However, what really lays behind George's abandonment of annuities? We know that returns from annuities have been low and getting lower over the last 15 years or so. Indeed returns on annuities under the current regime have left many on severely reduced retirement incomes due to their do nothing low interest rate policy. We do know that they will be salivating over the prospect of a tax grab if citizens do decide to extract taxable lump sums from their pension pots. Although, the government will be unable to predict whether this tax grab will fund high speed rail links to the wastelands of the North.

We may wonder though, is George's ingenious scheme less to do with providing choice and more to do with covering up for the historic failure of pensions industry and the current policy failings of the government. Last year when the government introduced its auto-enrolment pensions scheme to encourage everyone to save for retirement, mainly people on low pay. Expert commentators on George's annuity policy have focussed on people buying cars and holidays, the government's short term tax grab and the effects on the housing market, as retirees' opt into the buy-to-let market as a means of funding their retirement. All very interesting but most of the pension pots under consideration will not be big enough to put down a deposit on a house, let alone buy one.

Let's be clear, the people with the calculators, who tell George what to say, have sat down with the pensions industry and worked out that future pension pots arising from the drones signed up via auto-enrolment may only be sufficient to cover a decent send off. Put otherwise, the industry cannot provide any financial guarantees via annuities for people with minuscule pension pots, so to save the government the embarrassment of acknowledging that its flag ship pension scheme is pretty pointless, better to make savers believe they are being given a choice, when in reality no choice will be provided by the pensions industry.

New Labour's real legacy: the destruction of the pensions industry.

In the late eighties the Tories introduced personal pensions, enabling members of occupational pension schemes to transfer the benefits they had already built up into these brand new sparkly schemes - all part of the wider government drive to spread the personal ownership of assets. This was the beginning of the end of defined benefit schemes.

Commission hungry salesmen promoted the idea by saying that employees' pensions would grow at a faster rate in personal pensions, conveniently forgetting to mention the enormous charges that completely eroded any growth the pension funds might achieve and the very important fact that in most cases employers would not contribute to personal pensions.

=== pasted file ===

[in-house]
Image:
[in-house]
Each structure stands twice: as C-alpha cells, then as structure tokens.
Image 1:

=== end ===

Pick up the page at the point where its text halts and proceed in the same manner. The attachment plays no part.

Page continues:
The regulator began a review of pension sales in 1994 in response to consumer complaints about mis-selling, and by 2002 insurance companies and financial advisers were forced to pay £11.8bn in compensation to more than one million customers for incorrectly advising them to leave or not join their employer's scheme.

We can put these pension peddlers in the same category as America's hot dog vendors, selling sub-prime mortgages, unconcerned about consequences and driven by commissions.

However, the death of defined benefit schemes came in an instant, in a foolhardy act of vandalism. Gordon Brown's abolition of tax relief on pension funds' investment dividends was far more criminal than the earlier mis-selling, his action managed to destroy one of Britain's few success stories. Brown's theft netted the treasury £5bn annually, everyone else involved, i.e. the victims of the crime lost out. Brown's action was inspired by the belief that companies were choosing to pay dividends in place of investing in order to gain the tax relief.

As a direct consequence of Brown's action, employers started closing defined benefit (DB) schemes, offering defined contribution schemes in their place, and then closing DB schemes to existing members - leaving millions of pensioners poorer in their last years as returns on shares and gilts felt the impact, annuity rates fell. This one act destroyed the pensions industry. Brown's crime is made worse when we learn that he ignored four investigations undertaken by the Treasury, at his request, to look into the impact on pensions industry of his proposed tax grab: all reports were negative, Brown ignored them all. (2) And to this day, Brown's gollum, Ed Balls, continues to deny the damage done and claims that civil servants backed the tax grab and it did what it was intended to do, boost business investment.

1. 'Building a strong, stable and transparent pensions system 'Workplace Retirement Income Commission, McFall Report Aug. 2011)
2. The Great Pensions Robbery, Alex Brummer, 2010